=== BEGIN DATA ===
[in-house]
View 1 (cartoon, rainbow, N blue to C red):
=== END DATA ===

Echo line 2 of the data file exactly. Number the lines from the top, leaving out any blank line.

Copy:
View 1 (cartoon, rainbow, N blue to C red):